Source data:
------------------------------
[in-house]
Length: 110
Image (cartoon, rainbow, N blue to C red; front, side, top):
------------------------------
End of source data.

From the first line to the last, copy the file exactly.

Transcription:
[in-house]
Length: 110
Image (cartoon, rainbow, N blue to C red; front, side, top):